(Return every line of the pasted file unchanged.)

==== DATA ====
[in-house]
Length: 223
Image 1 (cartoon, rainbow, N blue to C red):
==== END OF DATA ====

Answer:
[in-house]
Length: 223
Image 1 (cartoon, rainbow, N blue to C red):